Examples

Example 1 — Multi-row header

The following table header

Shipping. Stock. Wages. Weights. Name of Colony.
Book, page. Appx, page. Book, page. Appx, page. Book, page. Appx, page.

becomes:

<table border="1">
   <thead>
      <tr>
         <th id="ship" colspan="2">Shipping.</th>
         <th id="stock" rowspan="2">Stock.</th>
         <th id="wages" colspan="2">Wages.</th>
         <th id="wt" colspan="2">Weights.</th>
         <th id="name" rowspan="2">Name of Colony.</th>
      </tr>
      <tr>
         <th id="book1">Book, page.</th>
         <th id="appx1">Appx, page.</th>
         <th id="book1">Book, page.</th>
         <th id="appx1">Appx, page.</th>
         <th id="book1">Book, page.</th>
         <th id="appx1">Appx, page.</th>
      </tr>
   </thead>
   …
</table>
Example 2 — Ambiguous headings

The following table shows a distance chart with the destinations defined at the end of the row:

Vancouver Calgary Saskatoon Winnipeg Toronto Montreal St. John's
7323 6334 5838 5010 3141 2602 St. John's
4271 3743 3232 2408 539 2602 Montreal

which would be marked up as:

<table border="1">
   <tr>
      <th scope="col">Vancouver</th>
      <th scope="col">Calgary</th>
      <th scope="col">Saskaton</th>
      <th scope="col">Winnipeg</th>
      <th scope="col">Toronto</th>
      <th scope="col">Montreal</th>
      <th scope="col">St. John's</th>
      <td></td>
   </tr>
   <tr>
      <td class="center">7323</td>
      <td class="center">6334</td>
      <td class="center">5838</td>
      <td class="center">5010</td>
      <td class="center">3141</td>
      <td class="center">2602</td>
      <td class="center"></td>
      <th scope="row">St. John's</th>
   </tr>
   <tr>
      <td class="center">4271</td>
      <td class="center">3743</td>
      <td class="center">3232</td>
      <td class="center">2408</td>
      <td class="center">539</td>
      <td class="center"></td>
      <td class="center">2602</td>
      <th scope="row">Montreal</th>
   </tr>
</table>
Example 3 — Multidirectional headings

The following table with headers at the top of each column and beginning of each row:

Table IX.4 Income Distribution Among Families 1929-1997
% Families 1929 1970 1997
Lowest 20% 3.5% 3.5% 5.5% 5.5% 4.2% 4.2%

would be marked up as:

<table border="1">
   <caption>Table IX.4 Income Distribution Among Families 1929-1997</caption>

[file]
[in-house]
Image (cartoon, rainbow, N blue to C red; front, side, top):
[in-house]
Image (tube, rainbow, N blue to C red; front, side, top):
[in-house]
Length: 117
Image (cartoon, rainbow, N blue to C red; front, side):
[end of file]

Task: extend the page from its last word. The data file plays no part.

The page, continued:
<tr>
      <th id="t4-pct">% Families</th>
      <th id="t4-1929" colspan="2">1929</th>
      <th id="t4-1970" colspan="2">1970</th>
      <th id="t4-1997" colspan="2">1997</th>
   </tr>
   <tr>
      <th id="t4-low20">Lowest 20%</th>
      <td headers="t4-1929 t4-low20">3.5%</td>
      <td headers="t4-1929 t4-low20">3.5%</td>
      <td headers="t4-1970 t4-low20">5.5%</td>
      <td headers="t4-1970 t4-low20">5.5%</td>
      <td headers="t4-1997 t4-low20">4.2%</td>
      <td headers="t4-1997 t4-low20">4.2%</td>
   </tr>
   …
</table>

Excerpt from: Basic Microeconomics — R. Larry Reynolds

Example 4 — Including a table summary

A summary could be added to Example 3 as follows

<table border="1">
   <caption>Table IX.4 Income Distribution Among Families 1929-1997
       <details>
          <summary>Summary</summary>
          <p>
             The table breaks down the data across
             two dimensions. Each column in the 
             table defines the year of the sampling 
             period and each row an socio-economic 
             bracket. …
          </p>
       </details>
   </caption>
   …
</table>

Compliance References and Standards

Additional Resources

The following resources present HTML 4 techniques that may not all still be applicable:

Frequently Asked Questions

What about using pictures of tables?

Although table rendering is still problematic in ebooks, including images of tables instead of the actual data takes the content away from anyone who cannot see it.

Tables are a problem that still need solving in reading systems, as most reading systems aren't able to provide extended horizontal or vertical scrolling to facilitate rendering. As a result, large tables get rendered in the available space – leaving rows and columns to spill across page views – compromising the quality of the ebook for sighted readers in trying to aid accessible devices.

If you are going to include an image of a table, consider providing a link to a file containing the table markup. Readers with TTS playback available will be able to navigate the markup regardless of the rendering quality.

Some reading systems render pop-out content in browser windows, which can also improve reading for sighted readers unable to read images that render too small or blow out of the viewport.

See also this CSS-Tricks article on responsive tables for an alternate approach to visual table rendering based on the available screen size.